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Does it all really add up?

Stop the clocks, silence the rumours, Tranmere Rovers have released there squad numbers for the coming season.

 
New Rovers keeper Owain Fon Williams respectively becomes the clubs new number 1, with Zoumana Bakayogo taking number 3. Andy Robinson moves to 11 while Joss Labadie is now number 4.

 
Presumably if you’re still reading this by now you’ve patiently resisted the easy way out and clicked off this article, after reading only what can be described as pointless information. So pointless in fact, even the ‘stattos’ of this world, would contemplate clicking off and furthering there interests in ‘The top ten footballing beards of all time.’

 
Fear thee not confused readers, I am not writing to just educate you on The Super White armies squad numbers for the eagerly anticipated forthcoming season, but also to give a personal perspective of the footballing big egos, whose numbers add up to more than there transfer value.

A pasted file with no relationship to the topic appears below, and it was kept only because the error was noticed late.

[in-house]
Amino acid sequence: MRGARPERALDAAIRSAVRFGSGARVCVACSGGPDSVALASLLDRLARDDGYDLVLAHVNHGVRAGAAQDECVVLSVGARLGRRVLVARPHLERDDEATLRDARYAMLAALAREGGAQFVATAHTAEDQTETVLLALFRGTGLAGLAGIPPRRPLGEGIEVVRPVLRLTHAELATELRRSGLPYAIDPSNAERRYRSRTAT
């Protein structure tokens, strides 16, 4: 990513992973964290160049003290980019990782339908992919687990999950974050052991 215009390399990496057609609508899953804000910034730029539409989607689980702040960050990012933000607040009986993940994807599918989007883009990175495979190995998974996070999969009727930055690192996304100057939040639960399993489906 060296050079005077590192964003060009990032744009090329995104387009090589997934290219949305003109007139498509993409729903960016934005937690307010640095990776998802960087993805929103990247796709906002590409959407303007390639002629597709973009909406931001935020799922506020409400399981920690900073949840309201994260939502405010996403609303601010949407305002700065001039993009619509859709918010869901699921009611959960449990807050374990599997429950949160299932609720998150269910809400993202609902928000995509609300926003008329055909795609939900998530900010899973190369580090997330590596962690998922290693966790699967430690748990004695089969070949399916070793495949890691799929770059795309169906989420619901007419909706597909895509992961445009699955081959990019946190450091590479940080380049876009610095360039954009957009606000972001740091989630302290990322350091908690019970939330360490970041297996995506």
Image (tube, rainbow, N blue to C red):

In all fairness to the Rovers, this season they have kept their squad numbers at a sensible rate. Youngster Max Power comes in at number 20, as the highest ranked squad number.

In contrast however, the clichés in bizarre numbers include Nicholas Anelka who’s bared the shirt on for his last 3 clubs at number 39, whilst after three seasons of conforming to the squad number code at Arsenal. Danish striker Nicklas Bendtner decided it would be a good idea to change his squad number of 26 to 52. Asked why, Bendtner stated “It’s a special number and I hope it brings me good luck” if Bendtner regards good luck as being the biggest disappointment since Gary Neville was confirmed as the next Sky Sports pundit, then the number 52 has served him efficently well.

 
Fully aware that I perhaps resemble the moaning Grandad in the stand blowing his pipe, who clearly hasn’t come to turns with the smoking ban, and questions why all the footballers nowadays are ‘Puffs’. None the less, I feel it is appropriate to dip into the archive of football and take note that footballers during the ‘good old days’ pulled on the shirt with their number being 1-11, in regards to their position, rather than the number of pies they’ve eaten , Egyptian misfit Mido stand up and be counted as he attempted to don the number 99, but for it to be blocked by the governing body.

 
So if you’re finding it difficult to spot ‘The big time Charlies’, those that are that desperate to be recognised, or perhaps the ‘Fattys’ of the footballing world, have a look at their squad number. It will easily identify these pitiful qualities.

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